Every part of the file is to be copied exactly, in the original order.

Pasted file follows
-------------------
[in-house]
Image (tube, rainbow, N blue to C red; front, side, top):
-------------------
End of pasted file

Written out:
[in-house]
Image (tube, rainbow, N blue to C red; front, side, top):